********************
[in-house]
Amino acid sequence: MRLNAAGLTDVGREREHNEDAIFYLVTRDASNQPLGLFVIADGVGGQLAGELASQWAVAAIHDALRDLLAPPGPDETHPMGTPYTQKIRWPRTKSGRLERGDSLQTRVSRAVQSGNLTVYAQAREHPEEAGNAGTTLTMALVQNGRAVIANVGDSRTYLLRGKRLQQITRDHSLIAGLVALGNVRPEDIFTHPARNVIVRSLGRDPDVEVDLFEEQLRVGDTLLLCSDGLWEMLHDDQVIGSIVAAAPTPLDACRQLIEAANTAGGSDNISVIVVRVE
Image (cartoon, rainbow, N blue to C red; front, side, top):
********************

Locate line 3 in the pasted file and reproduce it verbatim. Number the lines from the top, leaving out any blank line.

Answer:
Image (cartoon, rainbow, N blue to C red; front, side, top):